B.C. Green Party leader Andrew Weaver and NDP Environment Minister George Heyman attend release of CleanBC climate plan, Vancouver, Dec. 5, 2018. (B.C. government)

Opposition to Trans Mountain won’t change, B.C. minister says

Pipeline projects proceed under minority Trudeau government

The election of a minority federal government under Justin Trudeau doesn’t change B.C.’s position on oil and natural gas projects, B.C. Environment Minister George Heyman says.

Commenting Tuesday on the re-election of Prime Minister Justin Trudeau’s Liberals with a minority mandate, Heyman said B.C. continues its opposition to twinning the Trans Mountain oil pipeline from Alberta to the B.C. coast.

“We will be continuing to do what we’ve been doing for two years, standing up for B.C.,” Heyman said.

The B.C. NDP has supported the LNG Canada pipeline and export facility at Kitimat, extending tax incentives to help the $40 billion plan come to fruition. Heyman said he doesn’t expect federal NDP leader Jagmeet Singh to attempt to stop it in a minority government, and the province’s CleanBC plan focuses on reducing greenhouse gas emissions.

“I don’t see any change,” Heyman said. “Mr. Singh has said he sees a long-term future of moving away from fossil fuels. LNG Canada has been approved, it fits within CleanBC, and it currently being constructed in terms of the work camp and other plans are underway.”

RELATED: Trans Mountain notifies contractors to begin work

RELATED: LNG Canada gets tax breaks from B.C. government

The Edmonton-based Progressive Contractors Association of Canada, representing the majority of contractors on the Trans Mountain expansion project, congratulated Trudeau on his re-election.

“After a distracting and divisive campaign, it’s time for Canadians to get back to building this country’s future,” association president Paul de Jong said Tuesday. “We’re urging the Liberal government to demonstrate its commitment to ‘choosing forward’ by delivering quickly on its commitment to rebuild Canada’s aging infrastructure across all regions.”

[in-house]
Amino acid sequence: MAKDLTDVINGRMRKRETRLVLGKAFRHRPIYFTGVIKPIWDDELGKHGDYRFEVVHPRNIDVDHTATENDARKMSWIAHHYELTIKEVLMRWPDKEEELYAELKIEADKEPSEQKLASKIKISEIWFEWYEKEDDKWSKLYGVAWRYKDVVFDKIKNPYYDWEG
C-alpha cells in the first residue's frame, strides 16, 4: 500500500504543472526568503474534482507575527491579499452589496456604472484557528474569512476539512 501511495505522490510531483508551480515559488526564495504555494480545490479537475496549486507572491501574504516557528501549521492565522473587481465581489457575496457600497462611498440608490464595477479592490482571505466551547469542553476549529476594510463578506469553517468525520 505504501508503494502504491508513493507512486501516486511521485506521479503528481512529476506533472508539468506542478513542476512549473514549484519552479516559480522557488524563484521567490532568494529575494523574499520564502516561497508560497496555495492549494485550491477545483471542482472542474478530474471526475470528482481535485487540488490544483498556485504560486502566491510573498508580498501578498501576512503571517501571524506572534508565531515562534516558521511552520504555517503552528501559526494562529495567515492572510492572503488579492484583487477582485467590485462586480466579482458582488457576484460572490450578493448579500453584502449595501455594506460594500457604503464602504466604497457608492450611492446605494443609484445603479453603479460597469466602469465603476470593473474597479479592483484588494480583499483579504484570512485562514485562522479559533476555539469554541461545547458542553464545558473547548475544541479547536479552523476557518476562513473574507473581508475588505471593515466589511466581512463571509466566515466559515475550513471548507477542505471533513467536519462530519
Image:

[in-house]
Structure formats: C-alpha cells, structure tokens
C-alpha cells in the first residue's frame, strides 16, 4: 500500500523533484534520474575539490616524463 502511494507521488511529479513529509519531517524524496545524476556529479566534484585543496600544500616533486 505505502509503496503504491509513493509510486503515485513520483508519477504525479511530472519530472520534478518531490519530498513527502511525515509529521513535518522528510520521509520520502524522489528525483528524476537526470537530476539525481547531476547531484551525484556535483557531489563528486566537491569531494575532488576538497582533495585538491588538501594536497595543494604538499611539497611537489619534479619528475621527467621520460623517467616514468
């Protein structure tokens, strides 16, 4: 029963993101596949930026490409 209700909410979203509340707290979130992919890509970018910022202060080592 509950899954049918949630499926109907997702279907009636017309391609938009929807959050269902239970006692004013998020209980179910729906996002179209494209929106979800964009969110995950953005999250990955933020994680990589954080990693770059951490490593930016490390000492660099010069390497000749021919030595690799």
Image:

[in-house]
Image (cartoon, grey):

The Trudeau government green-lighted the Trans Mountain project for a second time this past summer, and on the eve of the federal election campaign in late August, the now-federally owned Trans Mountain Corp. gave notice to its main construction contractors that it had 30 days to begin “hiring workers, procuring goods and services and developing detailed construction work plans.”

The project has faced more than a dozen legal challenges, nearly all of which were rejected by courts, and more may come forward as individual property owners along the pipeline route dispute the disturbance to their land.


@tomfletcherbc
tfletcher@blackpress.ca

Like us on Facebook and follow us on Twitter.

Just Posted

Support group helps Cowichan Valley families living with dementia

No one should have to experience the dementia journey alone.

Local RCMP detachments looking to cut costs

Provincial RCMP budget facing a $10-million deficit

UPDATED: Joe gets suspended sentence in Teddy the dog cruelty case

Melissa Tooshley expected in court on Thursday in same case

Updated – Firefighters contain Chilco Road garage fire in Crofton

About 15 Crofton and Chemainus Fire Department members on the scene

Crofton author going with the flow in ‘River Tales’

Crofton author documents many interesting experiences from her time on the Cowichan River

Bye bye Bei Bei: Giant panda born in U.S. zoo heads to China

Panda heads back to China as part of cooperate breeding program

B.C. to more than double sales tax on vaping products

Tax up from 7 to 20 per cent, tobacco tax up two cents

29 B.C. students in Hong Kong amid tense protests, university siege

Eight UVic and 21 UBC students still in Hong Kong

Site where rockslide occurred along Malahat is too narrow for rock blasting or drilling: Emcon

‘Rockfalls are inevitable, so we try to increase our response times,’ says representative

‘Midget’ no more: Sweeping division name changes coming to minor hockey in Canada

Alpha-numeric division names will be used for the 2020-2021 season and beyond

Ottawa urges CN and union to continue talks as 3,200 workers go on strike

The rail workers began their strike after failing to reach a deal by a midnight deadline

Trans Mountain received $320M in government subsidies in first half 2019: report

The money included $135.8 million in direct subsidies and $183.8 million in indirect subsidies

Student tells B.C. Supreme Court she wasn’t allowed to leave indigenous smudging ceremony

Girl cross-examined Monday in Nanaimo courtroom, case continues Tuesday

Nineteen boats carrying invasive mussels stopped at B.C. borders

Waters of Columbia-Shuswap still test mussel-free

Most Read